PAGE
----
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Annie Waldman

Reporter

Photo of Annie Waldman

Annie Waldman is a reporter at ProPublica covering education. She was previously a senior reporting fellow, working on both data and education projects.

A piece she published with The New York Times on a New Jersey student debt agency prompted a new law and several new bills, aimed at increasing consumer protections for student borrowers and their families. Following her reporting on the largest accreditor of for-profit colleges, the U.S. Department of Education stripped the agency of its powers.

She graduated with honors from the Columbia Graduate School of Journalism and the School of International and Public Affairs at Columbia, where she was the recipient of the Pulitzer Traveling Fellowship and the Brown Institute Computational Journalism Award. Her stories have been published in The New York Times, the Atlantic, Vice, BBC News, The Chronicle of Higher Education and Consumer Reports.

She has been a finalist twice and won two awards from the Education Writers Association for her education reporting. She has won an award from the Society of American Business Editors and Writers and was a finalist for the Loeb Awards for her reporting with Paul Kiel and Al Shaw on the racial disparity of wage garnishment.

Prior to joining ProPublica, she was a recipient of a Fulbright Fellowship to Israel, where she reported on the plight of refugees from Darfur and Eritrea. She was also a recipient of a residency at Cité International des Arts in Paris, France. She had a documentary film in the 2009 Sundance Film Festival, on the lives of homeless high school students after Hurricane Katrina, which was later broadcast nationally on PBS.

New Jersey Legislators Move to Reform Aggressive Student Loan Program

The move is the latest action to rein in the agency, whose loans have left families financially ruined.

New Jersey Senate Examines Controversial Student Loan Agency

Executives from student loan agency are no-shows at oversight hearing.

Lawmakers to Question Executive of New Jersey’s Controversial Student Loan Agency

A ProPublica and New York Times investigation has prompted a state Senate hearing on aggressive collection practices by the state loan program.

New Jersey Student Loan Agency to Staff: Don’t Tell Borrowers About Help Unless They Ask

It’s yet another obstacle for borrowers from the country’s largest state-based college loan program.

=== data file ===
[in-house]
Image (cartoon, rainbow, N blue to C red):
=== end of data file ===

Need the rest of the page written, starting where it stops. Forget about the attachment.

New Jersey’s Student Loan Program is ‘State-Sanctioned Loan-Sharking’

The loans have extraordinarily stringent rules, aggressive collections and few reprieves, even for borrowers who’ve died. The head of the loan agency was appointed by Gov. Chris Christie.

Federal Committee Votes to Terminate Troubled College Accreditor

An Education Department advisory committee took the unprecedented step of calling on the government to revoke powers of for-profit college accreditor.

Education Department Recommends Killing Accreditor of For-profit Colleges

U.S. Education Department staff are moving to terminate the oversight authority of embattled for-profit college accreditor, ACICS, citing “egregious” mistakes.

Sen. Warren Slams For-profit College Accreditor for ‘Appalling Record of Failure’

Warren released a detailed report today on embattled for-profit accreditor, ACICS, urging federal government to take “aggressive” action.

Accreditor of For-profit Colleges Agrees It Needs a Makeover

Embattled college accreditor ACICS announces that it will halt new applications for accreditation while it institutes reforms.

Attorneys General Come Down on Accreditor of For-profit Colleges

Citing ProPublica’s reporting, twelve attorneys general called on the federal Department of Education to revoke the recognition of the quasi-regulator.

How a For-Profit College Targeted the Homeless and Kids With Low Self-Esteem

Newly released emails and PowerPoints show first-hand Corinthian Colleges’ predatory practices.

Who’s Regulating For-profit Schools? Execs From For-profit Colleges

And many of them come from schools that have been under investigation.

Another VA Headache: Privacy Violations Rising at Veterans’ Medical Facilities

Deceased vets’ data has been sent to the wrong widows. Employees have snooped on the records of patients who’ve committed suicide. And whistleblowers say their own medical privacy has been violated. In response, the VA says patient privacy is a priority.

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